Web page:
That he's also a very solid defender is a solid foundation. He knows to angle his body to make it harder for opponents to get to the spaces they want - so clever. He did tend to get beaten by quick first steps of drivers, so foot speed and adjusting to what a given opponent tends to do with come with summer physical and film preparation. He's got his head on a swivel and anticipates well and has active hands on help D so that he gets into passing lanes to deflect passes and get steals, he rotates to double or prevent drives, gets his hands into scrambles to contest possessions, and has good upright positioning to make it hard to get by him. He will definitely need to get physically stronger as he got bodied around on post-ups and some rebounds, but as he does get stronger, I'm confident that he will use the smarts and positioning he already does to full advantage to get and keep the ball.

The one player with wonderful size for the position is Keita Bates-Diop, the player we would have drafted had he been available. I think he's a smart player, good defender, good with physicality on both ends, and has shown some flair in finishing around the rim as well as being able to stretch the floor with 3s. He's bounced around a bit, and his numbers are career lows with us from minutes to efficiency at 2s, 3s, and FT's. But I like what I saw from the limited minutes he played and would like to see how he could grow in our development program.

As a team we ranked last in number of attempts from 3 with 28.4 per game, and ranked 24th in efficiency at 35%. There isn't necessarily a direct correlation between winning and the number of 3s taken: Houston, Toronto, Golden State, and Minnesota ranked 3,4,5, and 7 respectively; LA Lakers, New York, Philadelphia, and Washington ranked 24, 26, 27, and 29 respectively. But there is a correlation to better records and efficiency from the 3 - all but Golden State in the top 10 are in the playoffs. There are some anomalies like Memphis, Washington and LA Lakers who each rank in the bottom third in attempts and efficiency, but they're also on the bottom of playoff bracket, all needing to win the play-in games to get to the playoffs. Each also had unique circumstances and strengths (or playing without them) that affected their positioning.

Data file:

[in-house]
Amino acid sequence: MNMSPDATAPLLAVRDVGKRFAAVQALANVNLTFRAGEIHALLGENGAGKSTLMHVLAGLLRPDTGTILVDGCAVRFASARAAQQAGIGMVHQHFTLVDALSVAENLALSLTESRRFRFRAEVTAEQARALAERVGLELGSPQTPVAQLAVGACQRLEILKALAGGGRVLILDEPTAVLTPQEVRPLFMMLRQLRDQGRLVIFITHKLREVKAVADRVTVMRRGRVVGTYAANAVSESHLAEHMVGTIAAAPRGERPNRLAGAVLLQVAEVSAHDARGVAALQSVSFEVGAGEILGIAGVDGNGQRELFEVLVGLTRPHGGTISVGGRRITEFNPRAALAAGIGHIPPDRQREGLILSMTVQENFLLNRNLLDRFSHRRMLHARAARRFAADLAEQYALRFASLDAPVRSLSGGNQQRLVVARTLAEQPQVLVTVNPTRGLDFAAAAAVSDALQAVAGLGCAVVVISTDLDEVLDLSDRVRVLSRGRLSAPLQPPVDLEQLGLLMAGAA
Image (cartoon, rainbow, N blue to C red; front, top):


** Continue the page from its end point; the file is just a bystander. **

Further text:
We moved to a more transition-oriented style that better suited the young guys. We tried incorporating LMA into it as I stated in the bigs post, but it proved an unfruitful combination. Still, during his time this season, we used LMA 22.7% in his 15 games. That's still good for 4th on the team this season. That's plenty of opportunity to see if it could work. Transition won out.

DeMar led us in usage at 26.1%, scoring at 21.6PPG, and assists with6.9 per game. I expect that should he not return, the shot distribution will open up and allow for the Devins and Lukas of the team to get more chances to contribute on O. The assists will have to come from more than just our back court as DJ (5.4), Derrick (3.5) and Patty (2.4) who rank next on the list behind DeMar. Everyone else ranks under 2 assists per game. Keldon is at 1.8 and Devin is a 0.9 so we will collectively need to be better at moving the ball, at cutting and finding cutters, and at running plays that maximize movement.

Side note: much media attention has been given to Kyle Anderson's play and should we have matched the offer. Well, truth be told, he's a terrific defender and has the size we lack at SF, but up until this season, he really didn't perform up to that contract. This season he's averaging 12.4PPG, 5.7 boards, 3.6 assists - this while having been moved to the PF position. We're already getting 12.8PPG, 6 rebounds, 1.8 assists on slightly lower efficiency from Keldon who is six years younger on a rookie contract. Let's not over-react to Kyle's experience and solid but unremarkable play and trust in the development of our players who show such promise.

I can't wait to see what a summer of reps, film, and experience rewards us with next season. It'll be interesting to see whether we address the 3 position somehow, though I expect the Keldon / Devin combination to get the bulk of the work if we go the internal development route.